16. Pain Measurement in Mechanically Ventilated Patients After Cardiac Surgery: Comparison of the Behavioral Pain Scale (BPS) and the Critical-Care Pain Observation Tool (CPOT).

    Science.gov (United States)

    Rijkenberg, Saskia; Stilma, Willemke; Bosman, Robert J; van der Meer, Nardo J; van der Voort, Peter H J

    2017-08-01

    The Behavioral Pain Scale (BPS) and Critical-Care Pain Observation Tool (CPOT) are behavioral pain assessment tools for sedated and unconscious critically ill patients. The aim of this study was to compare the reliability, internal consistency, and discriminant validation of the BPS and the CPOT simultaneously in mechanically ventilated patients after cardiac surgery. A prospective, observational cohort study. A 20-bed closed-format intensive care unit with mixed medical, surgical, and cardiac surgery patients in a teaching hospital in Amsterdam, The Netherlands. The study comprised 72 consecutive intubated and mechanically ventilated patients after cardiac surgery who were not able to self-report pain. Two nurses assessed the BPS and CPOT simultaneously and independently at the following 4 moments: rest, a nonpainful procedure (oral care), rest, and a painful procedure (turning). Both scores showed a significant increase of 2 points between rest and turning. The median BPS score of nurse 1 showed a significant increase of 1 point between rest and the nonpainful procedure (oral care), whereas both median CPOT scores did not change. The interrater reliability of the BPS and CPOT showed fair-to-good agreement of 0.74 overall. During the periods of rest 1 and rest 2, values ranged from 0.24 to 0.46. Cronbach's alpha values for the BPS were 0.62 (nurse 1) and 0.59 (nurse 2) compared with 0.65 and 0.58, respectively, for the CPOT. The BPS and CPOT are reliable and valid pain assessment tools in a daily clinical setting. However, the discriminant validation of both scores seems less satisfactory in sedated or agitated patients and this topic requires further investigation. Copyright © 2017 Elsevier Inc. All rights reserved.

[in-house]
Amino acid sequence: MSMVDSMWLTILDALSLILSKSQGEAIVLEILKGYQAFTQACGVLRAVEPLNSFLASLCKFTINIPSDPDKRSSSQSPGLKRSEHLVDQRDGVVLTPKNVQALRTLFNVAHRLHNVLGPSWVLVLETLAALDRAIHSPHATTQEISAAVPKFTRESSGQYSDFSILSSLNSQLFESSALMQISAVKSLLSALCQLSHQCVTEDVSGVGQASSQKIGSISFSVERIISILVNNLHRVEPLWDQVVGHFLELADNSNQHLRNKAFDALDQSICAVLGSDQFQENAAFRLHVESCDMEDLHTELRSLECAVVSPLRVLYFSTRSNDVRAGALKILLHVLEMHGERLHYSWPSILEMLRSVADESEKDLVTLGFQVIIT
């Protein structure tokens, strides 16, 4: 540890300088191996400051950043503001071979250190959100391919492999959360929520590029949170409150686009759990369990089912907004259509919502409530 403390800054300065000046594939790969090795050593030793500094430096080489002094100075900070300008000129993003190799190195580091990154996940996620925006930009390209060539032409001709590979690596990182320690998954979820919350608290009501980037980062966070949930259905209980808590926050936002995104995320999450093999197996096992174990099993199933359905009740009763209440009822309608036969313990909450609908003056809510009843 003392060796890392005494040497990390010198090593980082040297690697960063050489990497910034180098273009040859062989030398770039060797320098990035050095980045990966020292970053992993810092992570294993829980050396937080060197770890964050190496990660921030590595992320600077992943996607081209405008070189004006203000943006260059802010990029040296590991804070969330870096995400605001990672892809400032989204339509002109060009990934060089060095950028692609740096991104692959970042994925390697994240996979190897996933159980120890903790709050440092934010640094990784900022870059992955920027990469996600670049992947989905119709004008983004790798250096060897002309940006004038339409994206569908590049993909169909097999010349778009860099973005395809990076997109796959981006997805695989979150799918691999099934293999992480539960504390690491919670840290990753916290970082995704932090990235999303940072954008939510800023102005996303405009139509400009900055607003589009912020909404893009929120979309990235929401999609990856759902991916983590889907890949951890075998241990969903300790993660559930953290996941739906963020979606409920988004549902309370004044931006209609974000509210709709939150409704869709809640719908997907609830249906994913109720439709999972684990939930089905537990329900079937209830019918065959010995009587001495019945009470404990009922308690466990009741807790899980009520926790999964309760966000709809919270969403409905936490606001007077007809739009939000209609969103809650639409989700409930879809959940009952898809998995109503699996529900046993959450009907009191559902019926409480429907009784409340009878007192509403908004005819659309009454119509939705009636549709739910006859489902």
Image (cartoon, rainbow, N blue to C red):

17. Partner Loss in Monogamous Rodents: Modulation of Pain and Emotional Behavior in Male Prairie Voles.

    Science.gov (United States)

    Osako, Yoji; Nobuhara, Reiko; Arai, Young-Chang P; Tanaka, Kenjiro; Young, Larry J; Nishihara, Makoto; Mitsui, Shinichi; Yuri, Kazunari

    2018-01-01

    Pain is modulated by psychosocial factors, and social stress-induced hyperalgesia is a common clinical symptom in pain disorders. To provide a new animal model for studying social modulation of pain, we examined pain behaviors in monogamous prairie voles experiencing partner loss. After cohabitation with novel females, males (n = 79) were divided into two groups on the basis of preference test scores. Half of the males of each group were separated from their partner (loss group), whereas the other half remained paired (paired group). Thus, males from both groups experienced social isolation. Open field tests, plantar tests, and formalin tests were then conducted on males to assess anxiety and pain-related behaviors. Loss males showing partner preferences (n = 20) displayed a significant increase in anxiety-related behavior in the open-field test (central area/total distance: 13.65% [1.58%] for paired versus 6.45% [0.87%] for loss; p partner preferences (r = 0.15). Results indicate that social bonds and their disruption, but not social housing without bonding followed by isolation, modulate pain and emotion in male prairie voles. The prairie vole is a useful model for exploring the neural mechanisms by which social relationships contribute to pain and nociceptive processing in humans.

  18. The Impact of a Cognitive Behavioral Pain Management Program on Sleep in Patients with Chronic Pain: Results of a Pilot Study.

    Science.gov (United States)

    Blake, Catherine; Cunningham, Jennifer; Power, Camillus K; Horan, Sheila; Spencer, Orla; Fullen, Brona M

    2016-02-01